HARTFORD —— Residents of Homestead Avenue may soon witness an effort to clean up the area. Three properties, located at 111, 367 and 393 Homestead Ave., have been awarded a $500,000 Brownfield Grant for remediation. The property is currently owned by the city of Hartford, through the Hartford Redevelopment Agency.
The grant was awarded based on an application submitted by the Upper Albany Neighborhood Revitalization Zone, which consulted with the city of Hartford, as well as state legislators. The Department of Economic and Community Development has awarded more than $34 million in funding for brownfield projects throughout the state. There are 13 revitalization zones, or groups, throughout the city of Hartford.
The factory buildings at these locations have been vacant as far back as 50 years. One of the properties, at 393 Homestead Ave., was most recently a warehouse and storage facility for Philbrick, Booth & Spencer, a steel-foraging manufacturer.
Before that, the Empire Company, which manufactured glass containers, developed the company in the 1930's. Later on, in the 1960's, Hartford Empire Arts & Crafts occupied the building. Hartford Empire Arts & Crafts was a workshop for children with special needs. During the 1970's and 80's, Gardner Auto Top Company used the property.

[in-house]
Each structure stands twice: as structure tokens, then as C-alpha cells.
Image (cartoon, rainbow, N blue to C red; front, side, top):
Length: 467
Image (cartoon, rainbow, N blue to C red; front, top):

"All one has to do is drive by and you can see why it needs to be taken care of," said State Rep. Matthew Ritter, D-Hartford.
Looking at the kinds of companies that used the property within the past fifty years, Ritter pointed out that it is clear that there may be potential toxics present, which need to be taken care of.
"Anytime you have a property that old, you have some concerns about what was in the ground and what was in the building," said Ritter.
The area was awarded the Brownfield Grant, which, "provides direct funding for brownfields assessment, cleanup, revolving loans, and environmental job training," according to the EPA.
"It wasn't just politicians that were interested, but the community at large," Ritter.
Rep. Douglas McCroy, D-Hartford, noted that Gerald Thorpe, the head of the Upper Albany Neighborhood Revitalization Zone, had approached him nearly five months ago looking for support.
At a press conference on Tuesday, Mayor Pedro Segarra commented on the contributions and the effort the community has made to become involved.
"More importantly, this [project] also represents a partnership with our community, the most important element of making anything happen," said Mayor Segarra.
As to what will become of the three properties, the city is responsible to determine what exactly will be built there. The next step for the three sites is environmental testing and remediation.
Reprinted with permission of the Hartford Courant.
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